As illustrated in Fig. 1, the grayscale option was selected in the toolbar to calcu-late the fractal dimension of the gray image. Grayscale is the image that per pixel only has one sampling color and there are many levels of color depth between black and white. In addition, grayscale images for display usually use a nonlinear scale of each sample pixel depth to save.

**RESULTS AND DISCUSSION**

**Fractal Analysis of Microstructure Pattern of Xylem Cells during the Active Phase**

All fractal dimensions according to the mentioned method (DBC) were evaluated. In order to better analyze the results, fractal dimension curves were plotted, as shown in Figs. 2 and 3. Figure 2 shows the change of fractal dimension in cross section images during the active phase. Over the period June to September the trend was towards a sharp increase in the monthly mean fractal dimension, reaching a peak of 2.2953 in September, followed by a slight decline from September to the end of the active phase. The average value in May was approximately as great as that in June; however, that in September was roughly 1.07 times as much as that in June. Figure 2 indicates the change of fractal dimension in tangential section during the active phase. As can be seen in the figure, between May and August the average fractal dimension decreased gradually. In August, the average fractal dimension reached its lowest point of 2.1869. A gradual increase followed, but the fractal dimension leveled off at about 2.2046 from September to the end of the active phase.

A month was divided into four periods, the first stage was 7^{th} of each month, the second one was 15^{th} of each month, the third one was 22^{nd} of each month, and the fourth one was 30^{th} of each month. The following figures are the same.

**Fig. 2.** The distribution of fractal dimension of xylem cell images in cross section

**Fig. 3.** The distribution of fractal dimension of xylem cell images in tangential section

It also can be seen from the statistics (Table 1) that the fractal dimensions of cross sections were generally greater than those of tangential sections. This result indicates that the texture pattern composed of microstructure in cross section has a more complex degree of order. This is because the images in the cross section of wood can reflect comprehensive structural information, not only in quantity, but also in size, and they can almost characterize anatomical features of all cells. By contrast, the tangential section of wood can only reflect the length and width of cells.

**Table 1. **Fractal Dimensions of Microstructure Images of Xylem Cells

The results of one-way analysis of variance (ANOA) of fractal dimension in tangential and cross section are shown in Table 2. According to the ANOVA, five kinds of fractal dimension were significantly correlated at the 0.01 level. This indicates that the fractal dimensions are largely impacted by growth time during the active phase.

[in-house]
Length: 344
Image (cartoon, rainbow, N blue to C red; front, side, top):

**Table 2. **Analysis of Variance for Fractal Dimensions by Time

**Relation between Tissues Proportion of Xylem Cells and Fractal Dimension in Cross Section**

Tissue proportions of xylem cells during the differentiation process were measured (Table 3). In order to better analyze the data, curves of vessel element and wood fiber proportions were plotted, and results are shown in Figs. 4 and 5. It was observed that the average proportion of vessel elements decreased gradually throughout the whole differentiation process. To be more precise, the maximum rate of decrease was 19.46% from May to June. By contrast, the proportion in June and July remained stable. Furthermore, from July to August it also had a significant reduction, and the rate was 18.97%. The rate of decline was 7.90% and 16.14% respectively from August to October. According to Fig. 4, the average proportion of wood fiber increased gradually throughout the whole process of differentiation. To be more exact, the maximum rate of increase was 12.1% from May to June. In contrast, the proportion in June and July stayed unchanged. In addition, from July to August there was another marked rise, and the growth rate was 9.50%. However, from August to October the ratio rose slightly, and the rise in rate was 3.73% and 4.46%, respectively.

**Table 3.** Ratio of Tissues in Differentiated Xylem Cells

**Fig. 4.** Changes of vessel element proportion during the differentiation process

**Fig. 5.** Changes of wood fiber proportion during the differentiation process

The results of one-way ANOA of tissue proportion are shown in Table 4. It was observed that ratio of vessel element, ratio of wood fiber, and ratio of ray and ratio of parenchyma were significantly correlated at the 0.01 level. This demonstrates that there is significant difference in tissue proportions during the active phase.

**Table 4. **Analysis of Variance for Tissue Proportion by Time

Linear relationship analysis was made between tissue’s proportions and the anatomical fractal dimensions. The measured data were taken in comparison. The most significant relations are highlighted in Table 5. According to the Pearson’s analysis, the coefficient of correlation between the fractal dimensions of cross section and the ratios of vessel element, wood fiber, and parenchyma were -0.618, 0.585, and 0.354, respectively. The results showed that the fractal dimension of cross section had a highly significant negative correlation with the proportion of vessel element and a strong positive correlation with proportions of wood fiber and parenchyma cells. However, the correlation with wood fiber proportion was more notable than that with parenchyma proportion. The results also can be demonstrated from the figures. The trend of fractal dimension was opposite to that of vessel elements during the differentiation process (see Figs. 2 and 4）. It also can be seen from Figs. 2 and 5 that the trend of fractal dimension of cross section was brought into correspondence with that of wood fiber. In other words, with increasing proportion of wood fiber, the fractal dimension of cross sections increased gradually.